The piece noted that Nixon's Controlled Substances Act was unanimously passed when Senator Thomas Dodd held up a brick of what he called “Asian Marijuana” and claimed it had caused a US Army Sergeant to call in an artillery strike on his own men in Vietnam—a claim that seemed as spurious now as it did then.
In many ways, this case brings America's schizophrenic relationship with marijuana, capitalism and Vietnam to the fore.
All told, police and fire fighters recovered 13 kilograms of marijuana an two handguns from Ly's properties, along with lots of electrical and hydroponic grow equipment. Ironically, pot became legal in Washington State four months after the his arrest. FILE PHOTO
The ballad of Ms. Bui
Bui Nguyen Thi Tram (Tram Bui) was born in 1986 as the youngest of five children in the central Vietnamese city of Da Nang.
Her father was a former pilot for the US-backed Southern Republic. Her mother and two sisters worked as school teachers.
Bui grew into a stunning woman. Her hour-glass figure and lily-white skin would eventually catch the eye of a Vietnamese American with whom she had a son at the age of 23.
Soon afterward, he brought her and their son to live with him in the suburbs of Washington state.
Her life quickly unraveled, according to her hand-written appeal to a federal judge.
“He became very possessive and abusive of me,” she wrote.
Soon she was living in a rented room she shared with a friend, working two low-paying job at a casino in Tacoma to support her child. Her ex-husband never forwarded an immigration form that would have entitled her to stay in the country as a battered mother—making her an illegal alien.
Phong Le, a realtor, said that three months after befriending Bui, her “ex-husband Tuan came into the picture.”
He believed she was having an affair. When Le tried to meet with him at a local gas station, Tuan pulled up in a car with two enormous thugs.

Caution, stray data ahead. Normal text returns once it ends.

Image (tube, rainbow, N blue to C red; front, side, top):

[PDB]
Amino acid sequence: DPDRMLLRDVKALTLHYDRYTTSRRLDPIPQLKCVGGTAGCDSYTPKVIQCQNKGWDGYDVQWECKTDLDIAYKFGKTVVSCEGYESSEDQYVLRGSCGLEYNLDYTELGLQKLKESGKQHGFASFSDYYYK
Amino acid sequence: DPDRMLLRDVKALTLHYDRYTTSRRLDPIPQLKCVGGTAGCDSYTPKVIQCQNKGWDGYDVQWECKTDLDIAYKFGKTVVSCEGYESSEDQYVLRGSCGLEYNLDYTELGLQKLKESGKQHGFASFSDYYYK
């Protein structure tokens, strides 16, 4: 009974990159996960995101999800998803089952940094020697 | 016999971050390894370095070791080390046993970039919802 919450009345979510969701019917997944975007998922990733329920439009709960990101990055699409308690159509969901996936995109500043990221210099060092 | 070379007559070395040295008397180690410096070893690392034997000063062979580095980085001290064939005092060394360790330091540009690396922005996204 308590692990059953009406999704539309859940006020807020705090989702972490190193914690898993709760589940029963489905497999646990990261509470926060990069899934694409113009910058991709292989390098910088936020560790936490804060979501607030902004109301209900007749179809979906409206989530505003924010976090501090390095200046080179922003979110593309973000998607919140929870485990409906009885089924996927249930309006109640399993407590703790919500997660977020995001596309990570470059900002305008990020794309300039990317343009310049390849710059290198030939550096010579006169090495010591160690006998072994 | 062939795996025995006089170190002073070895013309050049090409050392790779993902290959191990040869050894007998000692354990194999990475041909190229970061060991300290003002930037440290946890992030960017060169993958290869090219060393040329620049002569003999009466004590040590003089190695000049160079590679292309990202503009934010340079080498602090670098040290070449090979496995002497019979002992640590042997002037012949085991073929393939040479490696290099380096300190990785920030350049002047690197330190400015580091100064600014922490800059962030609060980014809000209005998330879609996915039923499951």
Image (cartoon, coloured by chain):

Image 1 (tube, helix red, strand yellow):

“He was screaming, verbally abusive and extremely threatening,” Le wrote in a letter submitted to a federal judge.
When Bui's sister died of uterine cancer, she decided to go back to Vietnam and Le promised to help her pack.
When he pulled up to the house he'd rented to Tran, her husband tried to cut him off. After pulling away, Le claims her enraged husband chased him down the freeway.
“I was swerving from one lane to another at over 90 miles an hour to evade his car,” he wrote.
Bui managed to get away that night and left her son with her mother-in-law. When she returned she found herself pulled back into their house.\
When Bui returned to Washington after a month in Vietnam, she found herself back in her husband's house. One night, in 2010, after a beating, she fled to a friend's house in her night clothes.
“I promised myself I would never return,” she wrote.
Things began to look up.
She met a handsome, unmarried doctor nearly twice her age named Keith Ly who owned four houses and drove a Mercedes.
She also met a regular at the casino who had a plan that would solve her money problems.
“In the Vietnamese and Chinese communities out here, friends would say, 'if it’s tough to get a job, why not [grow pot]?’” Le said via telephone. “Marijuana's gonna be legal soon anyhow.”
One of those friends, now serving 15 months in prison, described Bui as the mastermind of the operation who doled out salaries, purchased equipment (in cash) and monitored daily operations.
Bui maintained she was roped into the scheme by a group of bad seeds.
In court documents and hand-written letters, Bui described her life in America as bleak. She claimed her first husband beat her and forced her to abandon her first child. Life turned around when she met Dr. Ly, a wealthy boating enthusiast with three rental properties in the Seattle suburbs. FILE PHOTO